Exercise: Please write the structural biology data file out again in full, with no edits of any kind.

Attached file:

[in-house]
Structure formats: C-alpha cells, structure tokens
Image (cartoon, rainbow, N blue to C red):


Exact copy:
[in-house]
Structure formats: C-alpha cells, structure tokens
Image (cartoon, rainbow, N blue to C red):